Written by Kylie Barton, Researcher, One Community
You probably weren’t aware but March is Bisexual Health Awareness Month (#BHAM). After a somewhat controversial episode of Loose Women at the end of last month spurring outrage on Twitter, we thought as a community organisation that works to promote inclusivity we would take a little look at the issue.
Bisexuality is thought of as the invisible part of the LGBT (Lesbian, Gay, Bisexual, Transgender) acronym, when Bisexuals actually make up the largest segment of the LGBT+ population. Bi people still experience a great amount of hostility and it is still very much a taboo despite increased campaigns to raise awareness. It has also become a lot more complicated with the advance of LGBT+. This is LGBTQIAP: Lesbian, Gay, Bisexual, Transsexual, Queer, Intersex, Asexual, and Pansexual – quite the headache.
This month, charities and support organisations that work with the LGBT+ community are working to raise awareness about the unique health needs that face them. Bisexual people have poorer physical health, mental health, and higher rates of attempted suicide than Gay or Lesbian people. Bisexual people also experience higher rates of intimate partner violence and domestic abuse than heterosexual people.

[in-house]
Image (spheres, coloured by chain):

In my report on Neighbourhood Watch Engagement, and on provision for youths who have experienced Domestic Abuse, it was clear that organisations need to do more to acknowledge the specific needs of the LGBT+ population. The best way to start is to be aware of different types of sexual and gender identity, and to share that knowledge to combat ignorance.
So why are bisexual people targets? Let’s dispel some of the most popular stereotypical misconceptions:
- It’s not just a phase. It’s about being attracted to the person,
not their gender
- Bi people not inherently cheaters because of their sexuality,
they are as capable of being faithful as heterosexual people
- It’s not about being greedy, it’s about loving people for who they are, not what they are
- Bisexuals are not scared of commitment, they are scared of not being understood and accepted for who they are
- Men and women can be bisexual
- And last but not least, the most popular misconception: it isn’t all about sex, and certainly not threesomes
This time around the BHAM is focussing on the challenges that youth face in particular. Young people face a huge amount of biphobia, face to face bullying, and cyberbullying if they chose to come out to their peers. A report by the Human Rights Campaign highlights health disparities and related challenges of bisexual youth. In another report by the Human Rights Campaign, 37% of youth reported being harassed at school and 25% online.
Here at One Community we have a Hate Crime Reporting Centre at Eastleigh Museum. Bisexual people and the LGBT+ community in general are more likely to experience bullying, harassment, and hate crime in its multiple manifestations. It is important that LGBT+ people know where to turn for help when they come up against prejudice.
If you know someone who could use support in the Borough, give the Hate Crime Centre a call on: 023 8064 3026 or pop in to the museum.